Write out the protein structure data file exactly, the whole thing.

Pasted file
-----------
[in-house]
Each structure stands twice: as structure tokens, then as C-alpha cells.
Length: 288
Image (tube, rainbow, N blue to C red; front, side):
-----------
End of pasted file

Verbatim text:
[in-house]
Each structure stands twice: as structure tokens, then as C-alpha cells.
Length: 288
Image (tube, rainbow, N blue to C red; front, side):